Multiple paintings allude to the Ancient Greek myth of Cyparissus; wherein a boy is so grief-stricken after losing his stag, he asks Apollo to transform him into a cypress tree. Immortalized through tears of sap, he laments his companion forever. Kolsrud cites this Western tradition in her work Inscape (Dryad), which shows a bushy cypress tree with two bare human legs. A hot pink sky severs the mountain landscape to signal the subject is drifting through space, consumed by woe. A similar cypress makes an appearance in Dryad (Cypress), this time standing beneath a collection of pale blue clouds. Reminiscent of Georgia O’Keeffe’s Sky Above Clouds, a series created shortly after O’Keeffe’s husband’s death, Kolsrud wields color as a method to set a somber mood. In her flat picture planes, despair isn’t just a fleeting emotion – it’s an all-encompassing, inescapable atmosphere.
Intense grief can feel like a total detachment from your body. It splits you open from the inside out, clawing at your subconscious until you’re subsumed in an abyss of nothingness. With communal rituals such as large funerals banned due to social distancing, we’ve learned to honor the dead however we can. Kolsrud captures this complexity in her installation Three Graces, comprising a canvas and an adjacent arrangement of dismembered feet. Featuring three headless figures huddled together, the painting’s subjects are naked, beautiful, and broken, echoing the delicacy of an ancient statue. The feet form a physical boundary in front of the canvas, as we’re left longing for a tangible touch, our past lives functioning like phantom limbs. Inscape (Three Graces), its companion piece, showcases what’s missing from the original installation: evocative eyes, disjointed lips, and misplaced noses. In a contemporary twist of fate, these two halves only harmonize in theory.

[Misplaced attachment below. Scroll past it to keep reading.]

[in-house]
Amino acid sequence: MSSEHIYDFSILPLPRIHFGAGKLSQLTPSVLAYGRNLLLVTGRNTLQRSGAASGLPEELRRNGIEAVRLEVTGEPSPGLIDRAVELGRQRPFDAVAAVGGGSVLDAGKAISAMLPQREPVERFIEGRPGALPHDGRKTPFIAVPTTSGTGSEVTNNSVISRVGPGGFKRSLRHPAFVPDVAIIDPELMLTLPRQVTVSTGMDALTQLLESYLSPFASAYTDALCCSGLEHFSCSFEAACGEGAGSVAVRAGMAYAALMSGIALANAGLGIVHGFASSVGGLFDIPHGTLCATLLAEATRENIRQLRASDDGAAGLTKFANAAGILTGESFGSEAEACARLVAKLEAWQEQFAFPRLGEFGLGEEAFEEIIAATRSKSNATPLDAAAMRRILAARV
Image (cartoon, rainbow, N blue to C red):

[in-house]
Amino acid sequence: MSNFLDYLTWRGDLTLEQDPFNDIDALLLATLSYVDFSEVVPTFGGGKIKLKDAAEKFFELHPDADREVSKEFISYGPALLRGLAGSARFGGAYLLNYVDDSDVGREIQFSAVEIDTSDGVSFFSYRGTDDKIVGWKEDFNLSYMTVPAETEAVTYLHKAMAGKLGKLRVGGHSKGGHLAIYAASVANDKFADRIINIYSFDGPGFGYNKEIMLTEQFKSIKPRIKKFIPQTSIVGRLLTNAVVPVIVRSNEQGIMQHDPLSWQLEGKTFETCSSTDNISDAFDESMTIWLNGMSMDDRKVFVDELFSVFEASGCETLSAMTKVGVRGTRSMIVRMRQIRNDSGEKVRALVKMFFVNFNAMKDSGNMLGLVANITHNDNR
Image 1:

“Elegies” culminates with the exhibition’s centerpiece, a triptych titled The Chorus. Occupying fifteen-feet of the gallery’s largest wall, the panoramic painting portrays several cypress trees with lanky human legs, balancing on patches of land parted by a rippling sea. Different perspectives bonded in collective trauma overlook the same vanishing horizon. At the composition’s focal point, a corpse lies afloat in an open casket, uniting all in shared sorrow. An obvious comparison can be drawn between The Chorus and how helpless it feels to live through a global pandemic. To mutate permanently into a tree, enduring the organic recycling and rebirth of matter, symbolizes a cosmic connectedness. Likewise, going through the motions of grief together, virtually or distanced, has proven a tiny solace amid larger catastrophes. By cutting her subjects open, dissecting them to reveal their innermost vulnerabilities, fears, and anxieties, Kolrsud positions her paintings as blank vessels to project onto.
What renders “Elegies“ so potent is its characterization of bereavement through a broad spectrum. With a vast examination of death, the exhibition holds space for simultaneity, allowing us to take comfort in common circumstances. Memento mori in the shape of detached limbs, bulbous clouds, and crashing waves provoke a deep reflection on our own mortality, weighing loss of life against more fragmented forms of distress. Perhaps, like nature, grief will remain an omnipresent muse. If the last year has taught us anything, though, it’s to find poetry in these parallels.